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Sony’s tight cluster of NAB 2013 4K-centric announcements featured some of the most affordably priced UHD TVs yet seen all the way over to the external recorder-enabled 4K shooting capabilities of its FS700. The latter announcement also made it clear that Sony is looking to put a wide variety of encoding and format options into the hands of shooters — and beyond, potentially. Aside from external and third-party recording expansion, Sony is opening up its efficient 4K XAVC codec — native to the F5 family — to the consumer as well as the prosumer. Read on for some details regarding these new ‘lite’ encoding/wrapper options, dubbed XAVC S. More »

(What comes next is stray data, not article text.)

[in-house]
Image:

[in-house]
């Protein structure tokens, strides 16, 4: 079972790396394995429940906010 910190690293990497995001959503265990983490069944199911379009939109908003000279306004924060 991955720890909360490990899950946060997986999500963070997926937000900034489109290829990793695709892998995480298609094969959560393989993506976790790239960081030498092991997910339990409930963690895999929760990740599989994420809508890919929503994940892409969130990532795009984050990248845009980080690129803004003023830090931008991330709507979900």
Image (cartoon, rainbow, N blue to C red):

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While H.265 has been approved as the next-gen lossy delivery codec, we’re still watching a vast amount of video in H.264. In fact, even when H.265 sooner or later takes its place, videomakers will still be dealing with many of the same basic compression principles at work. Knowing all the variables of a delivery encoding job can help optimize bit efficiency, ensure the highest possible quality of media, and reduce the visibility of artifacting such as banding. Read on for a look at what drives the quality-to-compression ratio of your lossy-encoded delivery video, and how you can even ‘trick’ it in some cases. More »